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Why mutable elements of Sets?

 
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Why are the elements of a Set allowed to be mutable? You could change the value of an element and violate the no duplicates requirement.
 
mister krabs
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And how would you prevent the elements of a set from being mutable? Only allow Strings to be added? Wouldn't that seriously limit the usefulness of the Set?
 
Thomas Paul
mister krabs
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For those who aren't sure what we are talking about, take a look at this code:

We now have a Set with duplicate entries. This is very bad because sets will exhibit unpredicatable behavior in this condition.
 
Marlene Miller
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My first response was that we only want the fields involved in the computation of the equals method to be immutable. But even that seems to restrictive.
I guess we only want the result of the equals method to be consistent over time. That is, the fields of an object should be allowed to change in any way. But for any two objects o1, o2, we want either o1 == o2 for all time or o1 != o2 for all time. Is that right?
 
Thomas Paul
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Originally posted by Marlene Miller:
I guess we only want the result of the equals method to be consistent over time. That is, the fields of an object should be allowed to change in any way. But for any two objects o1, o2, we want either o1 == o2 for all time or o1 != o2 for all time. Is that right?


We want the equals not to change while the objects are in the Set. We would not want to make that a general restriction for all objects at all times, however.
 
Marlene Miller
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Thank you very much Thomas. You're answers were helpful. I am glad I asked.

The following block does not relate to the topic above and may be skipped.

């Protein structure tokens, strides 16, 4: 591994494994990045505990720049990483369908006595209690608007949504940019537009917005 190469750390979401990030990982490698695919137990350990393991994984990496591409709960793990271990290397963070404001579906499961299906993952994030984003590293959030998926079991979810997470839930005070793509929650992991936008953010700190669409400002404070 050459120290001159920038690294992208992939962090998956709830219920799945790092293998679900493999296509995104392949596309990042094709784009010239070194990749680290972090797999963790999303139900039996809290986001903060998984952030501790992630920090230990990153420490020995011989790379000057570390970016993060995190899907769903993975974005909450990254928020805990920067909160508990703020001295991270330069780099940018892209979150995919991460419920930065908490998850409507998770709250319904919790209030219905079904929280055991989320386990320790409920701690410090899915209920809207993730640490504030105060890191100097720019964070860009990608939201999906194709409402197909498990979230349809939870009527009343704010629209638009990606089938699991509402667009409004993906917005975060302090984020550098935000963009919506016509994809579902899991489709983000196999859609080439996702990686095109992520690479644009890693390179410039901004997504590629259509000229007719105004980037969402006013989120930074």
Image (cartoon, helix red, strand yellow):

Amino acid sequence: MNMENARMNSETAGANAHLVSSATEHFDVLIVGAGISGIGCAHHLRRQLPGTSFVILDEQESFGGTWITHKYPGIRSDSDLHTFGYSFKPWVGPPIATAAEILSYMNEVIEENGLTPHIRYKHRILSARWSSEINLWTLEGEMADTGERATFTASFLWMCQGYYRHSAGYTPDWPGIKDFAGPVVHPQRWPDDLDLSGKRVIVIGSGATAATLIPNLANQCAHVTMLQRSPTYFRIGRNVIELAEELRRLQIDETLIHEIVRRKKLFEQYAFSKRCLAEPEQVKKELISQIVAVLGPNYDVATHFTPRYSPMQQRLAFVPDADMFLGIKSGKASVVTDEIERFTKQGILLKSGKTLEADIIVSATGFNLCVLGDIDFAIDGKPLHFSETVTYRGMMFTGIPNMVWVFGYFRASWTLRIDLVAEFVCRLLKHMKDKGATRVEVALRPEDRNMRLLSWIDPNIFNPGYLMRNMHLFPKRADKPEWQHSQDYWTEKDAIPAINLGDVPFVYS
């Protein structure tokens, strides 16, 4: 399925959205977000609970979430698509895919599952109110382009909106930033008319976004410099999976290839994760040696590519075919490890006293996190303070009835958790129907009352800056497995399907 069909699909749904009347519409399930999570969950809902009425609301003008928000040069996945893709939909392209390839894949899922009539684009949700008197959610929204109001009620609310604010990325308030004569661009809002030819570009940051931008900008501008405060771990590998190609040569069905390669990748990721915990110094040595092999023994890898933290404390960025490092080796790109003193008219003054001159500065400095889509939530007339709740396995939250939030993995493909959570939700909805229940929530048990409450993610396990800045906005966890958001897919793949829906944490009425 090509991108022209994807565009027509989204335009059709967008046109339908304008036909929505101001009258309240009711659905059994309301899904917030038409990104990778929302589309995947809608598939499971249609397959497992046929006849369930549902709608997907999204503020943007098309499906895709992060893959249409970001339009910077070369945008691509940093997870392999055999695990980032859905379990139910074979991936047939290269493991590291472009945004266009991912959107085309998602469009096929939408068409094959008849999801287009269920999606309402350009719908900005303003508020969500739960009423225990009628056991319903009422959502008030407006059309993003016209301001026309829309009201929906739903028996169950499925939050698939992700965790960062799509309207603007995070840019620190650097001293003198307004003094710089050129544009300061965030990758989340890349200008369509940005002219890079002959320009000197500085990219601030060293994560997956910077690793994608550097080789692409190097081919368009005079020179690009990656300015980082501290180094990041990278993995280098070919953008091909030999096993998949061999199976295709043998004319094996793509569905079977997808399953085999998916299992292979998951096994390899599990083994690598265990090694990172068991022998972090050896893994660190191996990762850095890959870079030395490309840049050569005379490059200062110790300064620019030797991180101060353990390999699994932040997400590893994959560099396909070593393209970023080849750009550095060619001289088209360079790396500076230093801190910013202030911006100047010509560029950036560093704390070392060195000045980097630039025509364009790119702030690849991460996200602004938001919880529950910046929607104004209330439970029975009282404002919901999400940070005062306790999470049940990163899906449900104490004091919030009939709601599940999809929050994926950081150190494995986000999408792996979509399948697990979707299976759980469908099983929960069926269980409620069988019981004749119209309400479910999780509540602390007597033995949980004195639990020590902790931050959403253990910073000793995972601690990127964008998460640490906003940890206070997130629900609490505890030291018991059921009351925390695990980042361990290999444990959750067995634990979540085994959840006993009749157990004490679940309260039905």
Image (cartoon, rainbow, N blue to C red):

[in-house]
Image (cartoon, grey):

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So does it means that we can't say that a set is a collection of unique elements.
 
Marlene Miller
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Anupam, I think I understand why you are asking your question. But just to make sure, could you explain your question.
 
Anupam Sinha
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What if I get a question that says the following or kinda like that.
Q. Which of the following are gauranteed to have no duplicate entries (according to the equals method).
1. Set
2. Map
3. List
 
Marlene Miller
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Here are the *contracts* for the Set, List and Map interfaces.
(1) Sets cannot contain duplicate elements.
(2) Unlike Sets, Lists typically allow duplicate elements.
(3) Maps cannot have duplicate keys, but may have duplicate values.
Some people might say they are *not* guarantees, because the programmer can violate the contract. Other people might say they *are* guarantees, because a violation of the contract is a programming error.
Is that the question?
[ May 23, 2003: Message edited by: Marlene Miller ]
 
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The contracts of Set and Map are specified by their APIs. The API for Set says:

Note: Great care must be exercised if mutable objects are used as set elements. The behavior of a set is not specified if the value of an object is changed in a manner that affects equals comparisons while the object is an element in the set. A special case of this prohibition is that it is not permissible for a set to contain itself as an element.


And for Map:

Note: great care must be exercised if mutable objects are used as map keys. The behavior of a map is not specified if the value of an object is changed in a manner that affects equals comparisons while the object is a key in the map. A special case of this prohibition is that it is not permissible for a map to contain itself as a key. While it is permissible for a map to contain itself as a value, extreme caution is advised: the equals and hashCode methods are no longer well defined on a such a map.


The APIs guarantee there will be no duplicates provided the elements or keys are not changed after insertion. No guarantees are made if this condition is not met.
 
Consider Paul's rocket mass heater.
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